Wednesday, December 28, 2016

Arriving, a poem


Crumbling asphalt gave way
to lime-rock further from town
and every fencepost stood
sentinel. I could not
tell you what sort of cattle
watched disinterestedly;
Santa Gertrudis I can recognize,
and Brahma, but not those
square dun grazers.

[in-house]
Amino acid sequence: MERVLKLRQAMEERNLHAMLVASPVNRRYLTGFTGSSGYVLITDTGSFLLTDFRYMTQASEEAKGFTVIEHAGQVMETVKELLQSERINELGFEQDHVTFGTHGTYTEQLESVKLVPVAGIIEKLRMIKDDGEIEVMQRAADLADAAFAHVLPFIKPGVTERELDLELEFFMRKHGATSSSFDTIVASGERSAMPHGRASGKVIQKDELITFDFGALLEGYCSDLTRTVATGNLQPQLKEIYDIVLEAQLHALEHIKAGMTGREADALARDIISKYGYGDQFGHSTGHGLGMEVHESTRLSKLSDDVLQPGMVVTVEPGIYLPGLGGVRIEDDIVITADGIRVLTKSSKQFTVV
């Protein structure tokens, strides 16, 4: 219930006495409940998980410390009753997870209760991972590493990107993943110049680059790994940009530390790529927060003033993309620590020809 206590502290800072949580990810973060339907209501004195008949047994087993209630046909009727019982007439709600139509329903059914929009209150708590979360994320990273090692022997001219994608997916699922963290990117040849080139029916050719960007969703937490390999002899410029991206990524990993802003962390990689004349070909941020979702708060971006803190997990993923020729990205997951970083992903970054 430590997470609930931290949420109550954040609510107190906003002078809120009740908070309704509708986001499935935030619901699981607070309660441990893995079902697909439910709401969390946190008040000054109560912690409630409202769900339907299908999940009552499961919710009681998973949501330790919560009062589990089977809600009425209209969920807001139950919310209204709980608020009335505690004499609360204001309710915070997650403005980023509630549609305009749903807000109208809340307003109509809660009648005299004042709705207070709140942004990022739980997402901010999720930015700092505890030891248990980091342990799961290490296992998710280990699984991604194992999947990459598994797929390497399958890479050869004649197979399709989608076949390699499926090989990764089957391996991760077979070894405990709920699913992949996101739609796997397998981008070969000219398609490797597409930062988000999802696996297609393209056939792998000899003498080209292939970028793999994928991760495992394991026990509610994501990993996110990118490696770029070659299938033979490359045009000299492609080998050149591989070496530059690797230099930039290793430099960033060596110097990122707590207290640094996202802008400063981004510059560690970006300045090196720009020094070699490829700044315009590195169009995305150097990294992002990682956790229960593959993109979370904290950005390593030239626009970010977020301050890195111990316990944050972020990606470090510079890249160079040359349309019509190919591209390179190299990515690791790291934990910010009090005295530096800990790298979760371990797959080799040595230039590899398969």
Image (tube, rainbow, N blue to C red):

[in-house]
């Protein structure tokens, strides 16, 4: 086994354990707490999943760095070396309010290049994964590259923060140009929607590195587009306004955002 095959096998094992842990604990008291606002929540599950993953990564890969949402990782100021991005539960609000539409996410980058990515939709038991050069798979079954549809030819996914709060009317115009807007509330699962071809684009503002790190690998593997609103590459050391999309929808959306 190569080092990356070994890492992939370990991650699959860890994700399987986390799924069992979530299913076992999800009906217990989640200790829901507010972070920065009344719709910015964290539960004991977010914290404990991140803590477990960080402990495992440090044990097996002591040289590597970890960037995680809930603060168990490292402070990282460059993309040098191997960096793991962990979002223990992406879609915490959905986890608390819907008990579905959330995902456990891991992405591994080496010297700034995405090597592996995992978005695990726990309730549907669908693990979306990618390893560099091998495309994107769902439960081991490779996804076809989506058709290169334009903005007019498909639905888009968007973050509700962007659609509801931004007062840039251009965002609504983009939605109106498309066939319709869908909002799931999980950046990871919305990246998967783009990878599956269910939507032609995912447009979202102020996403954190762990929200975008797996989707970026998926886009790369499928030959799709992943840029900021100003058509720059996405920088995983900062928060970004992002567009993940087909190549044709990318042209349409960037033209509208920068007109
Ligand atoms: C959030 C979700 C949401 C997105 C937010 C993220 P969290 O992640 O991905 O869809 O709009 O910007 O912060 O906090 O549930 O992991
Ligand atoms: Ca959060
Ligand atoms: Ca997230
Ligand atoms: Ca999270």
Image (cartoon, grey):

The house is up ahead,
you told me. I could see
the sun on the tin roof,
or was that a barn?
Surely there was a barn.
Tired giants sprawled
into the yard, resting
fern-clad arms before
the porches. You waited there,
as sere fields all around
awaited rain. And I? I am
always arriving, always
leaving, already gone.
I see you waving, on the porch.
There will be lemonade.

Stephen Brooke ©2016

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